Snowed In With The Villain Read Online M.K. Moore

Categories Genre: Contemporary, Novella, Romance Tags Authors:

Total pages in book: 7
Estimated words: 6671 (not accurate)
Estimated Reading Time in minutes: 33(@200wpm)___ 27(@250wpm)___ 22(@300wpm)

It might be cold outside, but things are heating up indoors. Will secret wishes and filthy dreams come true when 14 dirty-talking heroes and their sassy women find themselves Snowed In this Christmas?

*************FULL BOOK START HERE*************




My sisters and I sit in the back of our parent’s minivan while Dad drives to Grandma’s house. We’ve done this every year we’ve been alive. Twenty-one years of this to be exact. Though in recent years, the rides have quieter, and less fighting. We recently celebrated our 21st birthday, apart for the first time. Stacie lives in LA and is pursuing her acting career. Ashlee lives in New York City. She works for a publishing house as an editor. I’m the only one who stayed home in Charleston. I teach eleventh-grade English at a private high school.

Stacee is learning lines for her upcoming movie, Ashlee is reading a book, and I’m grading term papers. Mom and Dad are singing Christmas songs terribly together. They are still sickeningly in love with each other. They met in sixth grade and have been together ever since. They have given us girls, The Beaufort Three, as we are affectionately known as, the perfect example of what love is.

When we are almost to Grandma’s place, someone hits us from behind. The car spins out of control, flipping in the air. I hear the screams of my family, but there is nothing I can do. I’m pinned in the third row by something heavy and black. I can feel myself fading and I can do nothing about it. My eyelids grow heavy, and my head is killing me. I can’t believe I’m going to die before I’ve even had a chance to live.

The next thing I know, I wake up. I’m disoriented, but it doesn’t take me long to figure out I’m in a hospital. The fluorescent lights above me are blinding. The beep, beep, beep of the machines hooked up to me is surreal. Looking around, I spot the red call button near my right hand. Reaching for it, I push it several times until the door bursts open, and a bunch of doctors and nurses enter the room.

“Miss Beaufort, you’re awake. I’m Doctor Wantabe.”

I try to speak, but I can’t. It’s then that I realize there’s a tube in my throat.

“Don’t try to talk, Courtnee. You’ve been in a coma for a while. Let’s have the doctor take a look at you, then you’ll be able to talk.” I nod and wait while the doctor does his thing, then he pulls the tube out slowly. The nurse puts a straw to my parched lips, and I drink it greedily. “Slowly now,” she says, and I do my best to listen to her, but I’m so thirsty.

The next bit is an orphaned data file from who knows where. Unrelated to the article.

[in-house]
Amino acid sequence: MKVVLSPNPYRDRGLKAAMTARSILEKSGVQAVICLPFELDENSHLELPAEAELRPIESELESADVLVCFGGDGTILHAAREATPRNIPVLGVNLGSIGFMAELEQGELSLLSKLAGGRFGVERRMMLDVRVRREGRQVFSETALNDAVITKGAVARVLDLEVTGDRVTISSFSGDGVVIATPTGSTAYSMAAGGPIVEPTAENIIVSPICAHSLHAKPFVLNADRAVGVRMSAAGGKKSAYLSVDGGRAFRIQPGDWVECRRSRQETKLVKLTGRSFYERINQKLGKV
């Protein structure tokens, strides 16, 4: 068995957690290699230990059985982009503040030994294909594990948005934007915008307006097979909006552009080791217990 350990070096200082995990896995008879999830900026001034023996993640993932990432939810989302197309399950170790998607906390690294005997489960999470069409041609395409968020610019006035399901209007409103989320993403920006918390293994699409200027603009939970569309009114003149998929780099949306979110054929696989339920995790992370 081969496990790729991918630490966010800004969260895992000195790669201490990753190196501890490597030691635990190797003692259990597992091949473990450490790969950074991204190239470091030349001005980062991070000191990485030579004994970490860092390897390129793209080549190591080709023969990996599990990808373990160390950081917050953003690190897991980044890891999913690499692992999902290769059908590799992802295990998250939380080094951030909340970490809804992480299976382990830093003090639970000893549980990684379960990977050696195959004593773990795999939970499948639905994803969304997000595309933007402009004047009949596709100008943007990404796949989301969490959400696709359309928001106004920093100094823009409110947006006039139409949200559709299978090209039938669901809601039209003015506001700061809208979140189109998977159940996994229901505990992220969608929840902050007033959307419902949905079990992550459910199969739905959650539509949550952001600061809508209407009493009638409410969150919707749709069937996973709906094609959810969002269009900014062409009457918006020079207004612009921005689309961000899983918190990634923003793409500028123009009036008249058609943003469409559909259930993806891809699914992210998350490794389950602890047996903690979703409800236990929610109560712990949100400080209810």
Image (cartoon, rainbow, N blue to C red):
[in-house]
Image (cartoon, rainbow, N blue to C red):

When I’ve had my fill, I clear my throat.

“Where is my family?” My voice is raspy from disuse.

“Miss Beaufort, your father had a heart attack while driving, causing the accident,” Doctor Wantabe says. His bedside manner is less than desirable.

“No. Someone hit us.”

“There were no other cars at the scene and your father did suffer a heart attack. He died instantly.”

“What? My mom and sisters?” I ask, about to freak the hell out.

“Your mother passed away in route to the hospital. Your sisters were discharged three months ago.”

“Three months? How long was I out?”

“It’s February 8th. So, a little over three months.”

I’ve lost my parents and three months of my life. A few minutes later, my sisters burst into the room.

“Court?” Stacee shouts from the doorway, but soon they are pushing their way through the throng of nurses to my bedside.

“Are you guys okay?” I ask as their arms come around me.

“We were fine, minor cuts and bruises. You wouldn’t wake up.”

“What do we do now?” Ashlee, the youngest of us, asks.

“Have you had their funeral yet?” I, the oldest, ask.

“No, we were waiting for you to wake up.”

“Their lawyer keeps calling the house. They left a will. Mister Forsythe is eager to execute it.” This from Stacee.

“Of course, they did. Everyone should have a will. I’ll take care of everything when I get out of here,” I promise.

It takes another week before the doctor releases me, but it’s a whirlwind of activity once he does. Our parents left us everything equally, including the house we grew up in. We decided never to sell it. I moved back in from my little apartment downtown. My sisters go back to their lives, and I go back to work. My students welcomed me back with open arms. They were sick of the parade of substitute teachers.

Soon, the pain of losing both of my parents at the same time fades to a dull ache. I’ll never forget them, but I have to move forward. Weeks turn into months, and months turn into a year. Thanksgiving rolls around again. I cooked, but it’s not the same. We would have gone to Grandma’s house, but she died too this year. I don’t think I’m alone in thinking that this year sucked. Completely, one hundred percent sucked.